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THE ROLE OF FINANCIAL LITERACY IN DETERMINING RETIREMENT PLANS

Authors

  • ROBERT L. CLARK,

    1. Clark: Professor, Department of Economics and Department of Management, Innovation, and Entrepreneurship, North Carolina State University, 2308 Nelson Hall, Raleigh, NC 27695. Phone 919-515-4568, E-mail robert_clark@ncsu.edu
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  • MELINDA SANDLER MORRILL,

    1. Morrill: Assistant Professor, Department of Economics, North Carolina State University, Box 8110, 4144 Nelson Hall, Raleigh, NC 27695-8110. Phone 919-515-0331, E-mail melinda_morrill@ncsu.edu
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  • STEVEN G. ALLEN

    1. Allen: Associate Dean for Graduate Programs and Research, Poole College of Management, Professor of Business Management and Economics, Academic Director, MBA Program, North Carolina State University 2124 Nelson Hall, Raleigh, NC 27695-7229. Phone 919-515-5584, Fax 919-515-5073, E-mail steve_allen@ncsu.edu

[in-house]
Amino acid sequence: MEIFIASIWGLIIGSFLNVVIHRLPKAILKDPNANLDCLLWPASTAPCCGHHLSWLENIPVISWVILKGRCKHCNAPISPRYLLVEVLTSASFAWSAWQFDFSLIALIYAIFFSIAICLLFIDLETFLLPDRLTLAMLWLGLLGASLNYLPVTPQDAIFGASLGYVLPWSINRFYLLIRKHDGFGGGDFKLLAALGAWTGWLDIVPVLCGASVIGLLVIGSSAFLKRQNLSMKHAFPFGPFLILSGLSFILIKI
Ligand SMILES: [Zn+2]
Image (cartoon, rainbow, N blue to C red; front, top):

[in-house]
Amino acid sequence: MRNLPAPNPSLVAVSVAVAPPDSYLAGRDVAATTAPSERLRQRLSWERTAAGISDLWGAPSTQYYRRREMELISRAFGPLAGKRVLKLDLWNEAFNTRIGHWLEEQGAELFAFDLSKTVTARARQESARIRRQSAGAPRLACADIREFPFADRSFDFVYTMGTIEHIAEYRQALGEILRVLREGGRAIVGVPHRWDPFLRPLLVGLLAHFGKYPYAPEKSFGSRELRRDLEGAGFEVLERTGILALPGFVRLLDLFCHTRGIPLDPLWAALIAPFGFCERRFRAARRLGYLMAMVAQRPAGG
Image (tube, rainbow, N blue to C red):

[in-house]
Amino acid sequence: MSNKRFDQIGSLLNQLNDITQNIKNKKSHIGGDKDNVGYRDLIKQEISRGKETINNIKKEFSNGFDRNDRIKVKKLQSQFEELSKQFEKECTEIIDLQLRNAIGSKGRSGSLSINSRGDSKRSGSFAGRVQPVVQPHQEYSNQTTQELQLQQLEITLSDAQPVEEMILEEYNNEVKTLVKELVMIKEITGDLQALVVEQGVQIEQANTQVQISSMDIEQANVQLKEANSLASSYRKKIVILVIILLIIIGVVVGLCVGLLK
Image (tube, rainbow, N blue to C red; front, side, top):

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    • This research is funded, in part, by a grant from FINRA Investor Education Foundation. We would like to thank Jennifer Maki, Mehtab Randhawa, Evan Rogers, and Ruirui Sun for their research assistance. The research could not have been accomplished without the cooperation of the companies that partnered with us. We would also like to thank Nicholas Horsewood, Annamaria Lusardi, Olivia Mitchell, and two anonymous referees for useful comments. All remaining errors are our own.


Abstract

Workers nearing retirement face many important, and often irreversible, choices. We collected detailed demographic and financial literacy data on over 1,500 workers nearing retirement at three large companies to assess how individuals are planning for retirement. Many respondents display limited knowledge and understanding of public and company-provided retirement benefits. Controlling for basic demographics and wealth, we find that misconceptions about eligibility ages and plan generosity influence workers' expected age of retirement. Although retirement-related decisions will affect workers' well-being for the remainder of their lifetimes, many do not possess enough basic financial knowledge to confidently make optimal choices. (JEL J26, J320, J240)

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